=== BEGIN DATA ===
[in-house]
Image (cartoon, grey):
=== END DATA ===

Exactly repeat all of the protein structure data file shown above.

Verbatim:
[in-house]
Image (cartoon, grey):